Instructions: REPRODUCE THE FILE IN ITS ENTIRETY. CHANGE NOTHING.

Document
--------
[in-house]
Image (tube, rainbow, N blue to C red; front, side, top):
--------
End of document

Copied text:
[in-house]
Image (tube, rainbow, N blue to C red; front, side, top):